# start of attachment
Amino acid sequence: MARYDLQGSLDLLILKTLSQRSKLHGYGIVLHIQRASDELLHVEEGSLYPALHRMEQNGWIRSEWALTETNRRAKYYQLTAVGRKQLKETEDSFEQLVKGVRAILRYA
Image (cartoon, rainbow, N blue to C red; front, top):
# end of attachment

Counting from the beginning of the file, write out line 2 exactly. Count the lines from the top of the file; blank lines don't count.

Image (cartoon, rainbow, N blue to C red; front, top):